[3] I’m being polite here, I really hate Twitter. Gur’s thread is filled with distracting gifs to the point of being nearly unreadable. The Constantin thread is over a dozen tweets long, with replies to individual subtweets that branch off, making the conversation impossible to follow.

I don’t know why anyone even tries to use this platform for substantial discourse. My best guess? They aren’t. Discourse was never the goal, just hot takes, dunks, and self-promotion.

I don’t say this to criticize the specific people involved, it’s all endemic to the platform, and not really anyone’s fault. Except for mine for reading the thread, and yours if you participate in this hellscape.

[4] I didn’t have to dig around to cherry-pick those quotes. It’s just the first line of each organization’s about page.

Are Athletes Great for Longer?

Tom Brady just won the superbowl again.

Previously, you could have attributed his streak to the Patriots as a team. But then he left for the Buccaneers, which had not won a superbowl since 2002, and immediately won again. He pulled Rob Gronkowski out of retirement who had previously been with him on the Patriots, so maybe it’s the two of them together, but still.

It’s even more insane when you remember that Tom Brady’s first Super Bowl win was in 2002. Was he some rookie back then, nominally on the team but not really contributing to the victory? Not at all, as in 2021, he was named MVP.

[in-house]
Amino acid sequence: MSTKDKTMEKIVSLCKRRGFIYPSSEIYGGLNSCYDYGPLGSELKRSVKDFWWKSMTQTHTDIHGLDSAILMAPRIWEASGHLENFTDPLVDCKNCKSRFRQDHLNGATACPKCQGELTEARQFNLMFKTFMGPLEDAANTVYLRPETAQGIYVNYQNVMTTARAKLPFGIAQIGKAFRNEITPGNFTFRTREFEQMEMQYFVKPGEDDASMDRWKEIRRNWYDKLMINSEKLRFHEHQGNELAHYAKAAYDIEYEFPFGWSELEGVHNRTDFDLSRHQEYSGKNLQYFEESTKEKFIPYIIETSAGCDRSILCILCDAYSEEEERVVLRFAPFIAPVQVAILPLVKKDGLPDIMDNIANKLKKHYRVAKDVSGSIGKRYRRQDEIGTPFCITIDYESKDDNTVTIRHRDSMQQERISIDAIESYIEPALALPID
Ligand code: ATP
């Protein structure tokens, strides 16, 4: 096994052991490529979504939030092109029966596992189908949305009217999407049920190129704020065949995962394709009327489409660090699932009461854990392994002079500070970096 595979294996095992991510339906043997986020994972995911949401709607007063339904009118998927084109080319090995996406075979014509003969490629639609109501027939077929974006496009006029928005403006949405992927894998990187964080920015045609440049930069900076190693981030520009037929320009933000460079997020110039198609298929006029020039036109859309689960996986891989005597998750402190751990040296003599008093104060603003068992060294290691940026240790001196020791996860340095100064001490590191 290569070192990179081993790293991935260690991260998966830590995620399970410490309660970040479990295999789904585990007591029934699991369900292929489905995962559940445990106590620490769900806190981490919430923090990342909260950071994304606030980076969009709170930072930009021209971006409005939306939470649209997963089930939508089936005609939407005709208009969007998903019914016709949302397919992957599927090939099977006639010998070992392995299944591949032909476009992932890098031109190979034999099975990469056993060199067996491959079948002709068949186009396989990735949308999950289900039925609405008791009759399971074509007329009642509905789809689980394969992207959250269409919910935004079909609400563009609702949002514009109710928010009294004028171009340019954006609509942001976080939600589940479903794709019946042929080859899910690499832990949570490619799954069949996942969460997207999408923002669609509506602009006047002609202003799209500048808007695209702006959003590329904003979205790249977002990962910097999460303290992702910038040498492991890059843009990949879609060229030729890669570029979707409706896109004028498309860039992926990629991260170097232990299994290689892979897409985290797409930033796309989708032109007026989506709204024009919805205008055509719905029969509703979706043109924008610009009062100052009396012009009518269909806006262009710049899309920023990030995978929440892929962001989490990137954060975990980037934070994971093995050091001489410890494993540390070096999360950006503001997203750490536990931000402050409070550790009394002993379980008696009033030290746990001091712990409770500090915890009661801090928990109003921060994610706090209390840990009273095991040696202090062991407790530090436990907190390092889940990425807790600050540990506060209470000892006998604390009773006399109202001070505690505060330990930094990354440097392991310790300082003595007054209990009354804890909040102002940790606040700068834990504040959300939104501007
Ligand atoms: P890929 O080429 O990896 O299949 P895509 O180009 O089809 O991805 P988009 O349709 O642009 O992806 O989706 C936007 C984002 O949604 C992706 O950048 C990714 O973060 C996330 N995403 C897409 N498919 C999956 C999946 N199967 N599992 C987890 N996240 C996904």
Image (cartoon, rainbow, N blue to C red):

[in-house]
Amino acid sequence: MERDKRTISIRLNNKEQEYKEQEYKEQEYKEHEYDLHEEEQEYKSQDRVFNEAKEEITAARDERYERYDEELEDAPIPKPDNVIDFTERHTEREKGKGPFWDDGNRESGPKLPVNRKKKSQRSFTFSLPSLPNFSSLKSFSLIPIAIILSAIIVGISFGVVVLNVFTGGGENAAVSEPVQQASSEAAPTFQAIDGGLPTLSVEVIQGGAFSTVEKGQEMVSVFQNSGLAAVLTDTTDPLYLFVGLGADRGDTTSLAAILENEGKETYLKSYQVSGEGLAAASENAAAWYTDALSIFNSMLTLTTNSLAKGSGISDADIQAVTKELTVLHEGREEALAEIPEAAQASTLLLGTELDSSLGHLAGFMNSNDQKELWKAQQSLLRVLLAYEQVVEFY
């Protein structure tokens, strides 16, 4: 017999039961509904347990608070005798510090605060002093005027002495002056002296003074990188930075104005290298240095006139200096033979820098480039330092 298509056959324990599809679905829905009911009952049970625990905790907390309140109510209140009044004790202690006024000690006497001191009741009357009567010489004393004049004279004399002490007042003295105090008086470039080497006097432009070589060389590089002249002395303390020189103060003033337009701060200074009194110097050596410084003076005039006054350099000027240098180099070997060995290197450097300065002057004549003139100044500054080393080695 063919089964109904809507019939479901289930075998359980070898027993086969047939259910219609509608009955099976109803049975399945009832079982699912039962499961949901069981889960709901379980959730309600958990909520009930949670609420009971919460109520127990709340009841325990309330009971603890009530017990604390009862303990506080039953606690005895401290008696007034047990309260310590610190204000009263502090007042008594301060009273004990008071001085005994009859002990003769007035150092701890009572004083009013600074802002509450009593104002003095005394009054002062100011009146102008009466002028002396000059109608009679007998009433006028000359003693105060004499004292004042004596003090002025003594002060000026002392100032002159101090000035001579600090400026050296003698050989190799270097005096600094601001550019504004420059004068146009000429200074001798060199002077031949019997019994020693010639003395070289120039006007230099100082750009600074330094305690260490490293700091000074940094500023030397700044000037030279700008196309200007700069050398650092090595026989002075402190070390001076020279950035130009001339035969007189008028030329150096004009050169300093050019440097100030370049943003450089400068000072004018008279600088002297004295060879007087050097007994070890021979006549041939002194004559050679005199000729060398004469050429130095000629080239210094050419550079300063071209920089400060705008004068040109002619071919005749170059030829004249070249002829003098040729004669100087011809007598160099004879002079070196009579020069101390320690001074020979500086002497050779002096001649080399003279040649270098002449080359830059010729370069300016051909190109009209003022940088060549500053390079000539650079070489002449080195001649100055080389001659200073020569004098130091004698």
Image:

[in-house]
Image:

That makes for a 19 year rein, spanning 10 Super Bowl appearances, 7 wins, and 5 MVP awards.

It’s not just football. In other sports, we have:

  • Roger Federer: First won Wimbledon in 2003, last won in 2017, and still ranked #5 in the world in 2021.
  • Serena Williams: First won Wimbledon in 2002, last won in 2016, currently #11.
  • Magnus Carlsen: First ranked #1 in 2010, still ranked #1 in 2021.
  • Tiger Woods: First won Masters in 1997, last won in 2019. Ranked #1 for 683 weeks.

Is this weird? It should be. It’s not just that a 43 year old man is the best athlete in a full-contact sport, it’s that athletes are getting much better across the board, but still can’t supplant last decade’s champions.

Consider the progression in men’s marathon times:

Even more dramatic, here’s the progression in men’s 100 meter times:

It makes sense that humanity is getting better at sports. Presumably, we’re improving at sports nutrition, medicine, and coaching, but also just have more humans and better talent selection. Over time, each generation should be better than the last.

So why can’t anyone beat Tom Brady?

Maybe he really is just uniquely good, but you couldn’t say the same of Federer in tennis. Rafael Nadal has also been among the world’s best from 2005 (first French Open win) until today (ranked #2, won the French Open again in 2020). Djokovic, currently ranked #1, first achieved the ranking in 2011, and first won a major Open (the Australian) in 2008.

First, it’s worth asking if this is actually a recent phenomenon. Taking a look at the list of Wimbledon champions, Federer is #1 of all time with victories spanning 14 years. William Renshaw is in second with victories spanning just 8 years, followed by Pete Sampras with victories spanning 7 years. After that, it’s Djokovic again across 8 years.

The crazy thing is, it seems entirely possible that Federer could keep winning. He made it to the Wimbledon finals in 2019 where he had a close game (the longest final singles match ever) against Djokovic, and was playing well in 2020 until stepping back to recover from an injury.